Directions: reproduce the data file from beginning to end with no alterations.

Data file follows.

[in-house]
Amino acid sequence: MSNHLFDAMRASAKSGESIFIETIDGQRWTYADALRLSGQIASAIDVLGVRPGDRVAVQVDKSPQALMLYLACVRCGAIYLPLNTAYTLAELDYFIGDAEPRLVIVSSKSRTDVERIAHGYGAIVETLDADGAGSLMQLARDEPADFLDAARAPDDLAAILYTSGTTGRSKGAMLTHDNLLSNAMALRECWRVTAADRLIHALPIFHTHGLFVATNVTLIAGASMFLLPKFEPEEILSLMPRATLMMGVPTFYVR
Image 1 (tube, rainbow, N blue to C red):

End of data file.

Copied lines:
[in-house]
Amino acid sequence: MSNHLFDAMRASAKSGESIFIETIDGQRWTYADALRLSGQIASAIDVLGVRPGDRVAVQVDKSPQALMLYLACVRCGAIYLPLNTAYTLAELDYFIGDAEPRLVIVSSKSRTDVERIAHGYGAIVETLDADGAGSLMQLARDEPADFLDAARAPDDLAAILYTSGTTGRSKGAMLTHDNLLSNAMALRECWRVTAADRLIHALPIFHTHGLFVATNVTLIAGASMFLLPKFEPEEILSLMPRATLMMGVPTFYVR
Image 1 (tube, rainbow, N blue to C red):